"Baseball," I said. "Baseball is what I want." Lawrence Peter "Yogi" Berra, one of the greatest catchers in baseball history, winner of 10 world championships (most in baseball history), was born on May 12, 1925 in St. Louis, Missouri. His home was across the street from catcher Joe Garagiola. “Where I came from in St. Louis is called the Hill, and it's strictly an Italian neighborhood. My family lived on Columbus Avenue when I was born, but I was only five when they moved to 5447 Elizabeth Avenue where I grew up. The Garagiolas lived right across the street at No. 5446. Papa John Garagiola worked with my father at the Laclede-Christy Clay Products Company, and Joey Garagiola was my best friend. I don't know what you would say the odds were that the two of us kids living on the same block on the Hill would grow up to be major league ballplayers—maybe 10 million to one—but for a while Joe Garagiola and I were two of the 16 regular catchers in the big leagues.”
His father, Pietro Berra, and mother, Paolina Longoni Berra were originally from Malvaglio, close to Milan. Pietro arrived at Ellis Island on October 18, 1909, at the age of 23. "My mother, Paolina, and my father, Pietro, met when they were still in the old country, in Malvaglio, which is a little town in the north of Italy, near Milan. Papa was still single when he left home to come here. He figured it would be better to save a little money before he sent for Paolina. He worked in California and Colorado before he settled down in Missouri. First he was a farm hand, then a construction gang laborer and finally a bricklayer on the St. Louis Arena job. Whenever I took the old man to the Arena, later on, to see a fight or a hockey game, he always reminded me that he helped build the place. After he finished up at the Arena, Papa got the job at Laclede-Christy and sent for Mama. And that is how St. Louis ended up with all the Berras."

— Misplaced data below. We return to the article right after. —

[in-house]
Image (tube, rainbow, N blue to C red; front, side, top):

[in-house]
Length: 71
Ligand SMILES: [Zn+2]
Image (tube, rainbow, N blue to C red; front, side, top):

Yogi's parents originally nicknamed him "Lawdie", derived from his mother's difficulty pronouncing "Lawrence". He got his nickname from a friend, Bobby Hofman: while watching a movie about an Indian snake charmer, Bobby noted that Yogi, the fakir, looked like Lawdie, "That yogi walks like Lawdie Berra," and the name stuck.
"I must have been about 10 or 11 when I began to play ball. All the kids around my age who lived on Elizabeth Avenue made up a sports club we called the Stags A.C. We played in the street, in the Shaw School Yard, which was only two blocks away, and in Sublette Park, which was maybe half a mile away. We even built ourselves the equivalent of a 1936 Little League park at the Clay Mine, a neighborhood garbage dump. It's all been filled in and now has a street on it that's called Berra's Court that my brother Mike lives on. All of us Stags got out there on the dump one day and worked like crazy setting up the ball field. We even dragged two wrecked cars up along the foul lines for dugouts. My father never liked my playing ball. He always got mad if I came home dirty, and he would smack me if my pants were torn. I used to worry about it when I was sliding. I wanted to get into the bag, but I didn't want to rip my pants, because I knew what would happen to me if I did. Pop always blamed the trouble I had with my school work on my ballplaying. He felt that I spent too much time playing. It was football and soccer in the fall and winter and baseball in the spring and summer. But I loved every sport there was."